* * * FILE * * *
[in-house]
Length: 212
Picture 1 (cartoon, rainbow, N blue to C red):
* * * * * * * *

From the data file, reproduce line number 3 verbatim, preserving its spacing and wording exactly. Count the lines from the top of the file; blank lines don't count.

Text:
Picture 1 (cartoon, rainbow, N blue to C red):